The Deeper Meaning

The subtitle to Megan Terry’s play is A Transformation for Three Women. If Terry is true to her title, then there must be a pattern to each short scenario, each change of character, and each relationship that she demonstrates in this play. In order to find the pattern, readers must ask questions such as why did Terry start her play with a tape recording of the first signs of life outside the great oceans? How does she use sisterhood? Why is the title of her play contained in the scene with the prostitutes? Although answers to these questions are subjective and, at the most, speculative, they can add depth to this brief play in which characters change identities, scenes appear random, and no obvious (at least at first sight) answers are provided. By digging into possible motives for creating such an arbitrary play, readers become more active in the process. Terry does not hand out her philosophy as a college professor might offer in a lecture. She is one of the pioneers in feminist experimental theater, and one of her main goals was to engage her audience in the process. She offers a scheme or an outline. It is up to the audience to fill in the missing pieces. Terry begins her play with a curious tape recording that recounts the beginning of life on land. There are three one-celled creatures, giving the reader a hint that Terry is setting up a theme for the play since there are also three female actresses throughout. As these three one-celled creatures make their way to the shore, they are constantly being washed toward the beach and then drawn back into the ocean. Not until they join forces are they eventually pushed far enough up the beach that they are able to avoid the action of the next wave. Their challenge is not yet over, however, as two are torn away by a tornado. Only one remains, and it ‘‘stretches toward the sun.’’

Following this opening, Terry writes various scenarios that include three women. Each of the situations that she presents could be likened to the attempts of the three one-celled creatures as they attempt to reach shore. First, there are the sisters Sophie and Esther, the shop owners, and their young customer who has come in to buy some beer. The connections between these three women are tenuous at best. Sophie wants to touch the young woman’s hair, a very personal experience. She admires the young woman, but not so much for the woman’s sake but rather for her own. The young woman reminds her first of her mother and then of herself; and it is in that longing for her youth that Sophie reaches out and touches the young woman. Her gestures are personal, but her motives for touching are anything but personal. The young woman is an object, a phantom of Sophie’s youth. The young woman might just as well have been a mannequin. Sophie asks nothing about the young girl’s life or her feelings. All Sophie does is tell the young girl of her troubles, her fears, her sorrows. Esther does not share Sophie’s feelings; as a matter of fact, she tends to make fun of them. She remembers Sophie’s youth in contempt, recounting how she used to spend so much time combing her hair and admiring herself in the mirror. Esther and the young woman join in a mournful lament at the end, mocking Sophie’s pain.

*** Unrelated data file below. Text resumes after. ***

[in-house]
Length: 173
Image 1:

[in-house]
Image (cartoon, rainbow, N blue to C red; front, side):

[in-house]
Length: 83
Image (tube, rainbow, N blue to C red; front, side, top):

At this point, the women lose their identities. The young girl returns to being Woman Two, and she admits that she hates it when people try to bring her down. She wants to throw off their emotions rather than absorb them. Sophie goes back to being Woman One, and she displays her anger by stating that she wants to hit something. Woman Three, trying to make sense of it all, tells the audience that everyone needs to write down the details of their lives so they will not feel so small. ‘‘A lot of people must start writing with the absurd conviction they are talking to or will contact someone,’’ she tells them. In comparison with the opening section of this play, this scene points out that these women are not connected. It was only when the three one-celled creatures came together in the opening scene, that they finally were pushed high enough on the beach that the waves could not recall them to the sea. In the above scenario, Sophie is hurting, yet neither of the women can or want to empathize with her. Despite her family connection, Esther displays jealousy toward her sister. The young girl cannot relate to Sophie’s loss of youth. Each woman lives in a separate and isolated unit. They cannot see beyond their own needs and therefore cannot find the soil upon which they must sink their roots in order to grow.

Woman One and Woman Two then beat Woman Three down to the ground while she is talking to the audience about ‘‘contacting’’ someone. Woman Three remains in her prone position throughout the next scene, in which Women One and Two are transformed into a new sisterhood, that of Nancy and Sally. These women are much more supportive of one another. As a matter of fact, all their relationships with women are...

(The entire section is 2035 words.)

Images of Ourselves

(Drama for Students)

In order ‘‘to make it,’’ we need to make images of ourselves. We compose ourselves from the cultural models around...

(The entire section is 1398 words.)

The Impact of Feminist Theater

(Drama for Students)

Since the early sixties Megan Terry has been a sustaining force in feminist drama, nurturing other American women playwrights and continually...

(The entire section is 776 words.)